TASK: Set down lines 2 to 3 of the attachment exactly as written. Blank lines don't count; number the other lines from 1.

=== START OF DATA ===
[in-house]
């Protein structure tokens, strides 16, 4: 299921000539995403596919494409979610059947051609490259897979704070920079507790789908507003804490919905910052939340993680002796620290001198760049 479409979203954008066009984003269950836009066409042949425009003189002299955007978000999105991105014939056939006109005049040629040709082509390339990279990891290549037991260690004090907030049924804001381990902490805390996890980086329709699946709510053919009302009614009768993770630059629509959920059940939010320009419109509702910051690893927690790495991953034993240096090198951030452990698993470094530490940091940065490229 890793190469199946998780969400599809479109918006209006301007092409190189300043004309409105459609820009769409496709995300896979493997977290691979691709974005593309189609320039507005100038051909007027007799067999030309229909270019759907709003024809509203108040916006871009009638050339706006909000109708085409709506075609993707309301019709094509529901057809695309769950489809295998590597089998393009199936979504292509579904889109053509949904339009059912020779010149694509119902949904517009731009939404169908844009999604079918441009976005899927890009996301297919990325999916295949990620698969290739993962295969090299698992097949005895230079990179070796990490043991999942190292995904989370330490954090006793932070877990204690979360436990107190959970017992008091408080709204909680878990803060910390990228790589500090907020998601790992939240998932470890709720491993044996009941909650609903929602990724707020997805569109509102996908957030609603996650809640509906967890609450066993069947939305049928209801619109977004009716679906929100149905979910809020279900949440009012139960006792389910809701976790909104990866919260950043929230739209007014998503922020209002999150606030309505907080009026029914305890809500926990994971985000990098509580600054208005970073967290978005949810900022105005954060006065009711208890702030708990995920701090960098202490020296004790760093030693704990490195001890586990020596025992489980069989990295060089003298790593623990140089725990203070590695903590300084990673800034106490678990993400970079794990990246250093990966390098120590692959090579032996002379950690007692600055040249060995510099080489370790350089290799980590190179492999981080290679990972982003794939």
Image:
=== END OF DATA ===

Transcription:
């Protein structure tokens, strides 16, 4: 299921000539995403596919494409979610059947051609490259897979704070920079507790789908507003804490919905910052939340993680002796620290001198760049 479409979203954008066009984003269950836009066409042949425009003189002299955007978000999105991105014939056939006109005049040629040709082509390339990279990891290549037991260690004090907030049924804001381990902490805390996890980086329709699946709510053919009302009614009768993770630059629509959920059940939010320009419109509702910051690893927690790495991953034993240096090198951030452990698993470094530490940091940065490229 890793190469199946998780969400599809479109918006209006301007092409190189300043004309409105459609820009769409496709995300896979493997977290691979691709974005593309189609320039507005100038051909007027007799067999030309229909270019759907709003024809509203108040916006871009009638050339706006909000109708085409709506075609993707309301019709094509529901057809695309769950489809295998590597089998393009199936979504292509579904889109053509949904339009059912020779010149694509119902949904517009731009939404169908844009999604079918441009976005899927890009996301297919990325999916295949990620698969290739993962295969090299698992097949005895230079990179070796990490043991999942190292995904989370330490954090006793932070877990204690979360436990107190959970017992008091408080709204909680878990803060910390990228790589500090907020998601790992939240998932470890709720491993044996009941909650609903929602990724707020997805569109509102996908957030609603996650809640509906967890609450066993069947939305049928209801619109977004009716679906929100149905979910809020279900949440009012139960006792389910809701976790909104990866919260950043929230739209007014998503922020209002999150606030309505907080009026029914305890809500926990994971985000990098509580600054208005970073967290978005949810900022105005954060006065009711208890702030708990995920701090960098202490020296004790760093030693704990490195001890586990020596025992489980069989990295060089003298790593623990140089725990203070590695903590300084990673800034106490678990993400970079794990990246250093990966390098120590692959090579032996002379950690007692600055040249060995510099080489370790350089290799980590190179492999981080290679990972982003794939």
Image: